Go to any page in your site, and a editing toolbar gives you all the controls you need to update your website. Building and running a website are two very different challenges.
With concrete5, however, site owners will be able to make changes and additions on their own, for years to come. We wanted everyone from a small business to a internet startup to be able to legally use concrete5 as a fundamental part of their business. There’s no "enterprise version" of concrete5 that does everything you really need, but costs a lot of money – and there won`t be in the future either.
You can count on concrete5 being around for a long, long time as the core code is now owned by everybody.
I found documentation for 5.6 but nothing for 5.7 or 5.8.
5.6 documentation: https://legacy-documentation.concrete5.org/... I've got a block that relies on a fairly flaky third party service to get data to render so, when it does encounter a problem, I'd like to display an error message, rather than throw an exception and ...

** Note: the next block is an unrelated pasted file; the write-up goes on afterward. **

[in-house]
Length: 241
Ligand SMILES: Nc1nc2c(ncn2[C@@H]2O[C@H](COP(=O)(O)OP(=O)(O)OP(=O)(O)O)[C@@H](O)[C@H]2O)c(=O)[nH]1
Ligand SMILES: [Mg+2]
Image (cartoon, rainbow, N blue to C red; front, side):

There is a growing community and marketplace filled with add-ons, which are not all free.
In this way the small payments made by those who need a little extra finance the free use of core functionality by everyone.
Many CMS`s were designed by developers, for developers.
Building and maintaining a site with them can be pretty complex and intimidating for someone who can`t program computers.
concrete5 lets you do both: build and run great websites.
Most other content management systems are built for one side of the equation or the other.
New to concrete and trying to find some consistent doc on how to do insert, delete, update, etc.